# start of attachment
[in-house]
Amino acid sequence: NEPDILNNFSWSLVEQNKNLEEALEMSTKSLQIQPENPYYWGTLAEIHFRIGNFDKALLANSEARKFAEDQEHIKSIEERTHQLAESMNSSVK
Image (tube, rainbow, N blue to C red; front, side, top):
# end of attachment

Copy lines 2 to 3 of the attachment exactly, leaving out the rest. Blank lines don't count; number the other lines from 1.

Amino acid sequence: NEPDILNNFSWSLVEQNKNLEEALEMSTKSLQIQPENPYYWGTLAEIHFRIGNFDKALLANSEARKFAEDQEHIKSIEERTHQLAESMNSSVK
Image (tube, rainbow, N blue to C red; front, side, top):